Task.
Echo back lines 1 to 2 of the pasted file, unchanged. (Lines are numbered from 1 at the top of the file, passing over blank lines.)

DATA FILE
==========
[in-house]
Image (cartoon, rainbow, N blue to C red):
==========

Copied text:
[in-house]
Image (cartoon, rainbow, N blue to C red):